News Advisor Healthy baby foods ‘hide pure sugar’
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Healthy baby foods ‘hide pure sugar’

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The word ‘fruit’ is being used to cloak huge doses of sugar in supposedly healthy products, many of which are aimed at very young children, health experts have warned.

Juice concentrate, derived from sweet fruits like apples, is described as “fruit” on some packaging, despite being defined as “sugar” by the United Nations World Health Organisation (WHO).

Processed baby food is one of the worst examples of fruit-derived sugar “hidden” behind the facade of fruit, says University of Adelaide health researcher Dr Jackie Street, who specialises in obesity prevention.

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“People are being sold what they think is a healthy product because it’s organic or because it contains ‘99 per cent fruit and veg’,” says Dr Street.

“In fact, a large part of that food is apple juice concentrate and it’s very high in sugar.

“It’s really no longer natural since it’s been processed in such a way that it’s turned a healthy food into an unhealthy food.”

Concentrated juice = sugar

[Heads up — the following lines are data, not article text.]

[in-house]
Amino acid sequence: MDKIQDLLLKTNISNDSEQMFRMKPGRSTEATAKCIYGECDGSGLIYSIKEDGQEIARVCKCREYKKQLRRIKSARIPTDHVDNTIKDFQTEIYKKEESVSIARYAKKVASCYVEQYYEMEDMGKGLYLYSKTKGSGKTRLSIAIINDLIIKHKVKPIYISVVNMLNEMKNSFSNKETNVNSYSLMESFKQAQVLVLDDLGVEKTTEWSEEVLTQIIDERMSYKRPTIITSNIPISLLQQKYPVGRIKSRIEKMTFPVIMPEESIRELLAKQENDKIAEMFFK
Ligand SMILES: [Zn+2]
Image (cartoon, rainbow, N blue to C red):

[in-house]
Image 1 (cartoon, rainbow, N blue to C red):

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When condensed to juice, otherwise healthy apples become almost pure sugar. Photo: Shutterstock

Fruit juice concentrate “really is sugar”, confirms an Obesity Policy Coalition spokeswoman.

“Some products are increasing the sugar content using concentrated fruit juice and that means that these products may be higher in sugar than consumers in fact realise,” says the Coalition’s senior policy advisor Jane Martin.

The ACCC has investigated claims relating to fruit juice in the past.

Any suggestion that nutrition information is being hidden from consumers is false, said an Australian Food and Grocery Council spokesperson.

“For many years food and beverage companies have provided nutritional information, including on sugar on both the front of pack via the Daily Intake Guide, and back of pack via the nutrition information panel, along with online, smartphone and other avenues.”

“Most are now assessing the health star system and will make their own call on whether or when they will adopt this voluntary system.”

“Claims made on pack are strictly governed by the Consumer Act which ensures that information on pack cannot be misleading or false.”

What can you do?

The Obesity Policy Coalition advises consumers to avoid foods that are more than 15 per cent sugar (which will be indicated on the package as 15 grams of sugar per 100 grams of product), Ms Martin says.

Consumers can also use the FoodSwitch app to find out the sugar, fat and total calorie content of any product.

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